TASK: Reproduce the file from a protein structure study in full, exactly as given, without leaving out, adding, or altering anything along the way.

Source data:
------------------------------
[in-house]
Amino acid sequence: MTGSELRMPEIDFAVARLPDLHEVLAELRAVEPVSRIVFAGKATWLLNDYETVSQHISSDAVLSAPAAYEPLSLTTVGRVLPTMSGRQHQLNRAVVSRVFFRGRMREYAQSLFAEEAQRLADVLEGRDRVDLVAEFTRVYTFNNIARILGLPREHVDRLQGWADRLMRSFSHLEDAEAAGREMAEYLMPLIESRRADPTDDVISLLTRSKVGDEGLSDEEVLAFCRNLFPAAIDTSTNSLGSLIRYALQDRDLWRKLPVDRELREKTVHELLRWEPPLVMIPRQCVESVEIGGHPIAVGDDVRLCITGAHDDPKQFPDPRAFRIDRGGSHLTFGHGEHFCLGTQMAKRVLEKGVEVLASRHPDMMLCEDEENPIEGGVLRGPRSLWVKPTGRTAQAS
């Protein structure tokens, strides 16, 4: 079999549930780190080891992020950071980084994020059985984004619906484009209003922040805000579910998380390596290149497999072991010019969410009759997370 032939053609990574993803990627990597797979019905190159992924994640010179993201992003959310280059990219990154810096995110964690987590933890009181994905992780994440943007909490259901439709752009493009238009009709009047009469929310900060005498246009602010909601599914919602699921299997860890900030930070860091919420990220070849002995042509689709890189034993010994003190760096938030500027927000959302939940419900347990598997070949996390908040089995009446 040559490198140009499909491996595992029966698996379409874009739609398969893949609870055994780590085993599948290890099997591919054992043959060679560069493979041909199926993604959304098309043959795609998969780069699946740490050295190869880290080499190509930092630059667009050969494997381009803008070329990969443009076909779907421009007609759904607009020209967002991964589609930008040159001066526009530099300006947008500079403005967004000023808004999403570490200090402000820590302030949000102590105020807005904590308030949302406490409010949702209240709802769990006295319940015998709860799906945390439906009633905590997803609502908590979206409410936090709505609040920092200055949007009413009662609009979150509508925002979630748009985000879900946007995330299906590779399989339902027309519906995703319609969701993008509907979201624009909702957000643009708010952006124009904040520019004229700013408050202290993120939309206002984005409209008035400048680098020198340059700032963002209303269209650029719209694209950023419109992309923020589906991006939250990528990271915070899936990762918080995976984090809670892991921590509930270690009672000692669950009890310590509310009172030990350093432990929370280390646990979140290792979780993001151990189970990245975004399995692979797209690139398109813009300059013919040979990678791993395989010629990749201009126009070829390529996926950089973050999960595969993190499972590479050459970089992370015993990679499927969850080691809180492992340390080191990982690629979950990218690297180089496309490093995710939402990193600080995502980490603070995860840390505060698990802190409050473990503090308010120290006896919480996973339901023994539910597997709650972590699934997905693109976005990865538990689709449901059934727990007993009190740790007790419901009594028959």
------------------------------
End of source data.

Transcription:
[in-house]
Amino acid sequence: MTGSELRMPEIDFAVARLPDLHEVLAELRAVEPVSRIVFAGKATWLLNDYETVSQHISSDAVLSAPAAYEPLSLTTVGRVLPTMSGRQHQLNRAVVSRVFFRGRMREYAQSLFAEEAQRLADVLEGRDRVDLVAEFTRVYTFNNIARILGLPREHVDRLQGWADRLMRSFSHLEDAEAAGREMAEYLMPLIESRRADPTDDVISLLTRSKVGDEGLSDEEVLAFCRNLFPAAIDTSTNSLGSLIRYALQDRDLWRKLPVDRELREKTVHELLRWEPPLVMIPRQCVESVEIGGHPIAVGDDVRLCITGAHDDPKQFPDPRAFRIDRGGSHLTFGHGEHFCLGTQMAKRVLEKGVEVLASRHPDMMLCEDEENPIEGGVLRGPRSLWVKPTGRTAQAS
């Protein structure tokens, strides 16, 4: 079999549930780190080891992020950071980084994020059985984004619906484009209003922040805000579910998380390596290149497999072991010019969410009759997370 032939053609990574993803990627990597797979019905190159992924994640010179993201992003959310280059990219990154810096995110964690987590933890009181994905992780994440943007909490259901439709752009493009238009009709009047009469929310900060005498246009602010909601599914919602699921299997860890900030930070860091919420990220070849002995042509689709890189034993010994003190760096938030500027927000959302939940419900347990598997070949996390908040089995009446 040559490198140009499909491996595992029966698996379409874009739609398969893949609870055994780590085993599948290890099997591919054992043959060679560069493979041909199926993604959304098309043959795609998969780069699946740490050295190869880290080499190509930092630059667009050969494997381009803008070329990969443009076909779907421009007609759904607009020209967002991964589609930008040159001066526009530099300006947008500079403005967004000023808004999403570490200090402000820590302030949000102590105020807005904590308030949302406490409010949702209240709802769990006295319940015998709860799906945390439906009633905590997803609502908590979206409410936090709505609040920092200055949007009413009662609009979150509508925002979630748009985000879900946007995330299906590779399989339902027309519906995703319609969701993008509907979201624009909702957000643009708010952006124009904040520019004229700013408050202290993120939309206002984005409209008035400048680098020198340059700032963002209303269209650029719209694209950023419109992309923020589906991006939250990528990271915070899936990762918080995976984090809670892991921590509930270690009672000692669950009890310590509310009172030990350093432990929370280390646990979140290792979780993001151990189970990245975004399995692979797209690139398109813009300059013919040979990678791993395989010629990749201009126009070829390529996926950089973050999960595969993190499972590479050459970089992370015993990679499927969850080691809180492992340390080191990982690629979950990218690297180089496309490093995710939402990193600080995502980490603070995860840390505060698990802190409050473990503090308010120290006896919480996973339901023994539910597997709650972590699934997905693109976005990865538990689709449901059934727990007993009190740790007790419901009594028959």